Via its proposed settlement with Google over its Buzz product’s privacy flaws, the Federal Trade Commission just sent the social-media industry a message. Bake user privacy protection into your product development. The Commission’s critique of Buzz’s launch was detailed, reported Rob Pegoraro at the Washington Post: “If you read through its eight-page complaint, you’ll see a focus on the finer points of Buzz’s initial presence – the default settings that anybody could change but few people would, the user-interface details that were too easy to overlook – that other social-media sites would do well to consider.” The FTC sees these finer points as best practices for the whole industry, the New York Times reports (2nd page of that article). I’m sure other large social-media companies took note of the FTC’s proposed consent decree, but I agree with Pegoraro at the Post that “anybody who designs privacy options for a Web site or service needs to obsess [emphasis mine] over getting the default settings right and implementing a design that makes it easy to discover how to change them,” and I wonder if app developers and other small social-media shops took enough notice. Alertness to what social games, apps, and Web sites do with our personal information, including physical location, needs to be baked into media literacy lessons for consumers and children, because there are zillions of social-media providers now – for example, see “New phone app: Color me (& us) careful!”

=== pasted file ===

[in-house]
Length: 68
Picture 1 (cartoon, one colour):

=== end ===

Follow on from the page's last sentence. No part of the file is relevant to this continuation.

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NetFamilyNews – by Anne Collier
- What are we really seeing in the social media fishbowl?
- Spoiler alert: Kid loves teaching Twitter to Dad
- At the IGF: Youth participation = greater youth e-safety
- Enabling peer protection: Knowledge is empowerment
- Millennials’ changing social media use: Survey
- Heard of Twitch? Amazon has!
- Dealing with the nasties online
- Leadership in bullying prevention and so much more
Analysis & News – by Larry Magid
- High school kids show strong support for First Amendment
- UN bringing child rights into the digital age
- IGF attendees complain about censorship in Turkey while some advocate it for youth
- Internet Governance Forum topics include human rights, network neutrality and child protection
- Protecting children online needs to allow for their right to free speech
- It’s time for schools to upgrade both technology and pedagogy
- Why Google (and Facebook) should admit kids under 13
- As Ferguson struggles, Georgia teens create app to rate police departments